ND   JMC : History of Medieval Philosophy / by Maurice De Wulf

182. John of Salisbury and the Trivium. -- Extending a broadminded and enlightened welcome to all branches of culture, John was an energetic advocate of the seven liberal arts as they were taught at Chartres: for him they were the seven avenues that lead the soul into the sanctuary of science.{1} But while he would not depreciate the value of Grammar, he would not tolerate the absurd notions of those outré grammarians, who, with Peter Helias, would fain shut themselves up in dry-as-dust analyses of the Grammar of Priscian (131, a).

John was in fact a typical representative of that school of literary humanism to which a wise extension of studies in Rhetoric had given rise at Chartres. An intimate acquaintance with the great writers of classical Latin, especially with Cicero, made the scholar from England the neatest and most elegant Latin writer of the twelfth century; his prose and verse alike are freshened and flavoured with copious reminiscences of the classics. This cultured literary taste of his will account for the vigorous campaign he waged in conjunction with his Chartres colleagues against the obscurantist party whom he nicknamed "Cornificians," a set who persistently tried to bring discredit not merely on the trivium but on all branches of study, as being only so many sordid expedients for procuring rapid promotion to lucrative offices. The Metalogicus opens with a sweeping attack on these Boeotians, whom John depicts under the figure of a strange being, Cornificius, of which he draws a picture that is anything but flattering.{2} And when he has shown the importance of dialectic, cum itaque logicae tanta sit vis, he waxes eloquent in his indignation against this ignorant crowd, -- logicae incriminator, philosophantium scurra.{3}

But he has other errors to set right here, and he thus takes us by another side into the scholastic movement of the twelfth century. He has to defend dialectic against its own excesses and chastise the logic-choppers who would degrade it into an empty parade of pedantic phrases{4} (171). By this same apologetic he administers an indirect rebuke to the extreme school of rigorist theologians who would fain banish dialectic altogether from the schools, lest it might find its way into theology (179). Dialectic he holds to be the queen of the trivium (131, a); its function is formative; it trains the young scholastic in that art of thinking and speaking without which the study of philosophy is impossible.{5} It is with an evident pleasure that John of Salisbury dwells on the notion of logic and its divisions, and on the proper method of reading Aristotle and Porphyry.{6} At the same time he is no less emphatic in declaring the insufficiency of logic if cultivated to the exclusion of the other philosophical sciences: left to itself it is bloodless and sterile. "Sicut dialectica expedit alias disciplinas, sic, si sola fuerit, jacet exsanguis et sterilis, nec ad fructum philosophiae fecundat animam, si aliunde non concipit."{7} Alan of Lille also uses words to the same effect. Evidently the despotism of logic in the schools is at an end.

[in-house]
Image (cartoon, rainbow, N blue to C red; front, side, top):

{1} De Septem Septenis, ii.

{2} According to CLERVAL, op. cit., p. 227, the Cornifician sect arose under the leadership of a monk named Reginald, about 1130.

{3} Metal., iv., 25.

{4} Ibid., ii., 8, 9.

{5} "Inchoantibus enim philosophiam, praelegenda est, eo quod vocum et intellectuum interpres est, sine quibus nullus philosophiae articulus recte procedit in lucem" (Metal., ii., 3).

{6} Ibid., ii., ii; iii. and iv., 1-7, etc.

{7} Ibid., ii., 10. Cf. ii., 9: "Quod inefficax est dialectics, si aliarum disciplinarum destituatur subsidio

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